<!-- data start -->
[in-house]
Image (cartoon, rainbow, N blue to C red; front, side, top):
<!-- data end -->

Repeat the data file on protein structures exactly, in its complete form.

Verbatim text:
[in-house]
Image (cartoon, rainbow, N blue to C red; front, side, top):